"It Was The First Time In Months That Someone Believed In Us," Legal Aid Client Tells Chief Judge
TUESDAY, SEPTEMBER 23, 2014
NY1's Dean Meminger interviews Yvette Walker, after she testified at the First Department hearing

In a moving testimony that brought many in the audience to tears, Yvette Walker told the horrible story of eviction and homelessness until Kathryn Kliff, a Legal Aid attorney stepped in and helped. "It was the first time we felt human again," Ms. Walker said of her first meeting with Kathryn Kliff. "It mattered what we had to say. It was the first time in months that someone believed in us."

Ms. Walker testified before Chief Judge Jonathan Lippman on the process the City is making in expanding civil legal services. Ms. Walker and her teenage daughter, Jasmine, were evicted from a homeless shelter while she was in the hospital for leg surgery. They spent several months in and out of temporary shelters­—all of which were inaccessible for the walker she uses—before The Legal Aid Society stepped in and found them medically appropriate shelter.



The New York Law Journal
Justice Gap Remains Wide, Hearing Witnesses Say
By Tania Karas
September 23, 2014

Speakers at a public hearing Monday said the state is nowhere near closing a "justice gap" in legal representation for low-income New Yorkers despite increased funding for civil legal services in recent years.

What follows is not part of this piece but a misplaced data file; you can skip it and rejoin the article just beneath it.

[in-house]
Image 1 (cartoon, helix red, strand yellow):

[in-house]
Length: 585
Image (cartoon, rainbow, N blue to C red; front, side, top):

New York City Council Speaker Melissa Mark-Viverito, City Corporation Counsel Zachary Carter and New York City Bar Association president Debra Raskin were among nine people who testified before Chief Judge Jonathan Lippman on the city's progress in expanding civil legal services while warning of work ahead if the judiciary expects to make good on its goal of equal justice for all.

During his testimony, Carter, who began his career in criminal practice, said that the right to representation in civil matters is just as integral as the right to counsel in criminal cases upheld by the U.S. Supreme Court in Gideon v. Wainwright, 372 U.S. 335 (1963).

"Individuals seeking access to our courts of civil jurisdiction often have interests at stake nearly as dear as liberty or even life itself," Carter said. "Think of a family facing foreclosure or eviction, or a parent threatened with the loss of custody of a child, or the loss of access to health services, or reasonable accommodations for a disability."

The two-hour hearing at the Appellate Division, First Department, was the first of four taking place throughout the state over the next month to highlight the individual needs of New York's four Appellate Division departments. It was the beginning of the fifth annual series of hearings where Lippman's Task Force to Expand Access to Civil Legal Services in New York has collected information for the state Legislature.

Since 2010, state funding for judiciary civil legal services has increased from $12.5 million for fiscal year 2011-12 to $55 million for 2014-15. An additional $15 million has been earmarked for replacement of diminished IOLA funds.

Even so, that funding does not come close to closing the "justice gap" in New York, Lippman said.

"That is the tip of the iceberg in terms of need," he said. "It is very important we understand, and our public officials understand, that legal services are just as important as housing and education and hospitals and all the other things that are so fundamental in our society."